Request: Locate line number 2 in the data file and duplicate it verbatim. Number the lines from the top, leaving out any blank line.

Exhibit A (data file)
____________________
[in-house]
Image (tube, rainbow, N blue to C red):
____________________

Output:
Image (tube, rainbow, N blue to C red):